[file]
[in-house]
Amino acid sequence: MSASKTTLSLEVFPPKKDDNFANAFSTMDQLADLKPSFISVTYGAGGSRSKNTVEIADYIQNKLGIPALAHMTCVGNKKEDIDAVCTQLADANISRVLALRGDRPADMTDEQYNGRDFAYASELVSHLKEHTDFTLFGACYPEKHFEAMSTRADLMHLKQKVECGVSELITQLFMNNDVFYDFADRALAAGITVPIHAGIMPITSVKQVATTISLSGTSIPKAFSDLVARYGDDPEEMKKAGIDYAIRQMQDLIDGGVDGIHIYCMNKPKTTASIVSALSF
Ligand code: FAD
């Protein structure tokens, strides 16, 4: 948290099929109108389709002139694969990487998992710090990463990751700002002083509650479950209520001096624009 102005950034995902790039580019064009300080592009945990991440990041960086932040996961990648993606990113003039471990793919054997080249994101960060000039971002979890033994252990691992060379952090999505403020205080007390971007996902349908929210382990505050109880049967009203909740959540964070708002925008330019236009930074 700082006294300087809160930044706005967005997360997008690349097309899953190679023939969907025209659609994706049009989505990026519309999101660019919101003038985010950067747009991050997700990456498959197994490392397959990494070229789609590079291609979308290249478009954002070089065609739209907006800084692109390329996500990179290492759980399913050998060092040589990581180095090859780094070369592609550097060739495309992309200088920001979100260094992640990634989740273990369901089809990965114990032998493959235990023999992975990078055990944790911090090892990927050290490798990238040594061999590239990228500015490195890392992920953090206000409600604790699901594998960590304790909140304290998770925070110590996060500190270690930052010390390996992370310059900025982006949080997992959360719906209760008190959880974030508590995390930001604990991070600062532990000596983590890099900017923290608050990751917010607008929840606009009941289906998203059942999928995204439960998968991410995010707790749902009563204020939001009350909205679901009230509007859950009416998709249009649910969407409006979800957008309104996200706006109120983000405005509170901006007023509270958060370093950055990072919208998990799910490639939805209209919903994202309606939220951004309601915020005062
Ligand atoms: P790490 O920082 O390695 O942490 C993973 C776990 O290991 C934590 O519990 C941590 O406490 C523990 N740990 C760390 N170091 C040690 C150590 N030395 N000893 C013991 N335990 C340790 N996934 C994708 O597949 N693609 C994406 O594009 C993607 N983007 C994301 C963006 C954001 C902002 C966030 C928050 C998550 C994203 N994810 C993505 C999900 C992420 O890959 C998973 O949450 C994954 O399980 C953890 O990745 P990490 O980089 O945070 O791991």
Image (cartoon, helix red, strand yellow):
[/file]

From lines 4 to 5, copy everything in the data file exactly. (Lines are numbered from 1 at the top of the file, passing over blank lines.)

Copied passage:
């Protein structure tokens, strides 16, 4: 948290099929109108389709002139694969990487998992710090990463990751700002002083509650479950209520001096624009 102005950034995902790039580019064009300080592009945990991440990041960086932040996961990648993606990113003039471990793919054997080249994101960060000039971002979890033994252990691992060379952090999505403020205080007390971007996902349908929210382990505050109880049967009203909740959540964070708002925008330019236009930074 700082006294300087809160930044706005967005997360997008690349097309899953190679023939969907025209659609994706049009989505990026519309999101660019919101003038985010950067747009991050997700990456498959197994490392397959990494070229789609590079291609979308290249478009954002070089065609739209907006800084692109390329996500990179290492759980399913050998060092040589990581180095090859780094070369592609550097060739495309992309200088920001979100260094992640990634989740273990369901089809990965114990032998493959235990023999992975990078055990944790911090090892990927050290490798990238040594061999590239990228500015490195890392992920953090206000409600604790699901594998960590304790909140304290998770925070110590996060500190270690930052010390390996992370310059900025982006949080997992959360719906209760008190959880974030508590995390930001604990991070600062532990000596983590890099900017923290608050990751917010607008929840606009009941289906998203059942999928995204439960998968991410995010707790749902009563204020939001009350909205679901009230509007859950009416998709249009649910969407409006979800957008309104996200706006109120983000405005509170901006007023509270958060370093950055990072919208998990799910490639939805209209919903994202309606939220951004309601915020005062
Ligand atoms: P790490 O920082 O390695 O942490 C993973 C776990 O290991 C934590 O519990 C941590 O406490 C523990 N740990 C760390 N170091 C040690 C150590 N030395 N000893 C013991 N335990 C340790 N996934 C994708 O597949 N693609 C994406 O594009 C993607 N983007 C994301 C963006 C954001 C902002 C966030 C928050 C998550 C994203 N994810 C993505 C999900 C992420 O890959 C998973 O949450 C994954 O399980 C953890 O990745 P990490 O980089 O945070 O791991």